To Kill a Mockingbird, The Lowry, May 19th-2rd 

To Kill a Mockingbird is everybody’s favourite novel. Well maybe not everybody’s, but you know what I’m getting at. The most studied book on the planet, a feature on more English lit curriculums than any other work of fiction, and a novel that has survived far longer in the canon than many of its contemporaries, Harper Lee’s only novel (to date) is inarguably one of the most influential pieces of literature to ever be put down on paper. It’s a masterpiece. And its story still resonates today.

When any work is so admired, be it a book, a film, a play, or a painting, it can be a dangerous decision to adapt it to another medium or in a different style. In just the last few months we’ve seen this at The Lowry with versions of A Farewell to Arms, Rebecca, The Woman in Black, and King Lear all falling flat through their attempts to make too many changes or alter the tone. So it was kind of refreshing when Christopher Sergel’s version of To Kill a Mockingbird opened with the actors holding copies of the book in their hands and reading straight from the pages. This, it seemed, would be an adaptation that stuck to the format of the brilliant original.

For once in this latest season at The Lowry, there were to be no surprises. Perhaps the biggest innovation of the night was the fact that passages from the book were read out all the way through the performance, interspersed throughout the action. With such a powerful story, no further innovation is needed. And it actually worked as a wonderful addition. It was a little like those times your parents read to you as children, lulling you into a feeling of relaxation that allowed the real message of the story to seep in almost unnoticed. It also allowed Harper Lee’s words, which were funny, observant, and occasionally heartbreaking, to remain as one of the key narrative drivers.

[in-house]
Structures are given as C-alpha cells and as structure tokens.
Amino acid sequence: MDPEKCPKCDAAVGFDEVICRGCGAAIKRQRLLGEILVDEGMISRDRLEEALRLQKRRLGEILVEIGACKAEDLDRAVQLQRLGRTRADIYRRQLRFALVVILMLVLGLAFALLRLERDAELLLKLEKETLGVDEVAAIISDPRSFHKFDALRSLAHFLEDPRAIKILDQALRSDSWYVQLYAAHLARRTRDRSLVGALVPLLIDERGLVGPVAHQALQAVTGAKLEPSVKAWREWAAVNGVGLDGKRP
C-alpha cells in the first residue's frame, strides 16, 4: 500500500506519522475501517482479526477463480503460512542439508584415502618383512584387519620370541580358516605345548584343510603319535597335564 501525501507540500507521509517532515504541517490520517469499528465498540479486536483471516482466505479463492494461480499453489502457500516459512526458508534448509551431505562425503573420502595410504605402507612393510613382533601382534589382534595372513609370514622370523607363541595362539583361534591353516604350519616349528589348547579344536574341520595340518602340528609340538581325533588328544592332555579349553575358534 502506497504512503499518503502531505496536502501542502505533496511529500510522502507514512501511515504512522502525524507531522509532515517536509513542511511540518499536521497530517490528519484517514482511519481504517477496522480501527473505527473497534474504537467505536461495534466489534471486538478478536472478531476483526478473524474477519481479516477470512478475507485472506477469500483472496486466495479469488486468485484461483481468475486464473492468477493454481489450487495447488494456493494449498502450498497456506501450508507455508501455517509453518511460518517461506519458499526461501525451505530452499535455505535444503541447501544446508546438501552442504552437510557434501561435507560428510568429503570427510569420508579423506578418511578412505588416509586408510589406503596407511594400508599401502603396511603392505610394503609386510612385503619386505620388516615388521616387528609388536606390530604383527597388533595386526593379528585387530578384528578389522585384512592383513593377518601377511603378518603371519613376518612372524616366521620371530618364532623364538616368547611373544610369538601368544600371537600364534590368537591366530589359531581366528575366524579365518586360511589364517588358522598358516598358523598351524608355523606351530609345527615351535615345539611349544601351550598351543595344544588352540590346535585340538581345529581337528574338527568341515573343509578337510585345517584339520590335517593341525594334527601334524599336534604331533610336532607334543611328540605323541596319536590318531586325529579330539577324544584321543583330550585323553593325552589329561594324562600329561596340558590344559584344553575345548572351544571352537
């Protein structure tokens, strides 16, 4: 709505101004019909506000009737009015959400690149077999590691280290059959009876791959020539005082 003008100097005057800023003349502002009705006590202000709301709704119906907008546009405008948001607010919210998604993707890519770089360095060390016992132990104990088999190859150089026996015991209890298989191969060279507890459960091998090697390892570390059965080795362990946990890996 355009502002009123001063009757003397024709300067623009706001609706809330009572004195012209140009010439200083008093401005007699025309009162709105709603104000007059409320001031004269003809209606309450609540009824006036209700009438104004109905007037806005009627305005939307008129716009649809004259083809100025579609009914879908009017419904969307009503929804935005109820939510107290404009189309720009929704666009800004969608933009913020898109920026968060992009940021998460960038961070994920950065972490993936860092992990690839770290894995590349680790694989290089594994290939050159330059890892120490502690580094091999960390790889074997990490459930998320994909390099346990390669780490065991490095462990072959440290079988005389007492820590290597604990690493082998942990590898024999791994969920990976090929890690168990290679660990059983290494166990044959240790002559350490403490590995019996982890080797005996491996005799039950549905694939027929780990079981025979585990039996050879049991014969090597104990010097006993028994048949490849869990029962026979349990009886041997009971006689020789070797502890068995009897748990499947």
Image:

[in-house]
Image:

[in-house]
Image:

So. For anyone who doesn’t know the plot, or anyone who lives under a rock, here’s a brief outline. Scout is the voice of the novel. A young girl just beginning to understand the world around her, she has to quickly face up to some of the realities of life in the Civil Rights era when her father Atticus defends Tom Robinson, a black man accused of raping a white woman. Scout is a feisty and inquisitive character, demanding acknowledgement with questions that many her age wouldn’t think to ask. Behind this main story, Scout, her brother Gem, and their neighbour Dill, are determined to learn the mystery of Boo Radley. The Radley house sits next to theirs, yet none of them have seen Boo leave its doors at any time in their lives. And alongside all of this we have a cast of characters that typify what Harper Lee saw during her own childhood; those who fall on both sides of the fence when it came to the issues of the Civil Rights era. In the final third, all of these worlds converge into one of literature’s most powerful conclusions. If you don’t know it already, I won’t spoil it.

Without any plot diversions or unusual additions to discuss, I’ll move straight onto the acting. It was almost without fault. Major props to Daniel Betts and Zackary Momoh in their roles as Atticus Finch and Tom Robinson. Betts was almost the picture perfect Finch, displaying his quietly courageous character at the same time as his fussiness (according to Scout, anyway) as a father. Momoh came to life in the courtroom scenes of the second half, when Robinson is faced by a barrage of questions that he deals with bravely and respectfully. And then of course there were the kids. With Rosie Boore as Scout and Billy Price as Gem we had a pair that played the loving siblings with aplomb. Boore in particular was full of energy, fantastic with her comic timing, and able to wrench up the emotion from nowhere. But then there was also something special about Milo Panni in the role of Dill. With all the charm of a child star, we can expect to see him again and again.

A final congratulation has to go to Phil King, too. Other than the actors reading from books, the only other real twist on the original was the folky soundtrack written and performed by this composer and artist. They were songs that wouldn’t sound of place in the charts today. At the same time, they were songs that added a layer of emotion to the story being told on the stage.

With a great story, an interesting soundtrack, and a cast so close to flawless, there is really little else to say. Fans of the book need not fear. This is an adaptation that does justice to its inspiration.

Fran Slater

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